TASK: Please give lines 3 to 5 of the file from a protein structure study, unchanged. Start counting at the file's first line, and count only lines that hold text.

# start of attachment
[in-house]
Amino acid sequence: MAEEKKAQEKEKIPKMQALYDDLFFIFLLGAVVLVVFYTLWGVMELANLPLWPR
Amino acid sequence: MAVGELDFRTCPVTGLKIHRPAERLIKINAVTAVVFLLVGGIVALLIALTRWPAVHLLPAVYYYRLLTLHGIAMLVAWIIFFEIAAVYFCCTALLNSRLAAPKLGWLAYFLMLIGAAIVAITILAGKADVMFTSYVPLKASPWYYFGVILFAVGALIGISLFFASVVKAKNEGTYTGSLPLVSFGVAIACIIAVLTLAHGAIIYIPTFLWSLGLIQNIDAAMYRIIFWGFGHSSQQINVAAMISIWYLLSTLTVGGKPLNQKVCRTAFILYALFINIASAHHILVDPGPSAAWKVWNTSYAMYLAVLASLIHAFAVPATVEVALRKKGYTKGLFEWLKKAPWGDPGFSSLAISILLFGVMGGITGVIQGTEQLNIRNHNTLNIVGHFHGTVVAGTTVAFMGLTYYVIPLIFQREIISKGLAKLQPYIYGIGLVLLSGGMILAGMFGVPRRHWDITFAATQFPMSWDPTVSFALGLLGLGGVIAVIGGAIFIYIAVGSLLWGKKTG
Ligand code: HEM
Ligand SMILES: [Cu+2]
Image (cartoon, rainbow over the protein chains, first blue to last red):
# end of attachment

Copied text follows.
Amino acid sequence: MAVGELDFRTCPVTGLKIHRPAERLIKINAVTAVVFLLVGGIVALLIALTRWPAVHLLPAVYYYRLLTLHGIAMLVAWIIFFEIAAVYFCCTALLNSRLAAPKLGWLAYFLMLIGAAIVAITILAGKADVMFTSYVPLKASPWYYFGVILFAVGALIGISLFFASVVKAKNEGTYTGSLPLVSFGVAIACIIAVLTLAHGAIIYIPTFLWSLGLIQNIDAAMYRIIFWGFGHSSQQINVAAMISIWYLLSTLTVGGKPLNQKVCRTAFILYALFINIASAHHILVDPGPSAAWKVWNTSYAMYLAVLASLIHAFAVPATVEVALRKKGYTKGLFEWLKKAPWGDPGFSSLAISILLFGVMGGITGVIQGTEQLNIRNHNTLNIVGHFHGTVVAGTTVAFMGLTYYVIPLIFQREIISKGLAKLQPYIYGIGLVLLSGGMILAGMFGVPRRHWDITFAATQFPMSWDPTVSFALGLLGLGGVIAVIGGAIFIYIAVGSLLWGKKTG
Ligand code: HEM
Ligand SMILES: [Cu+2]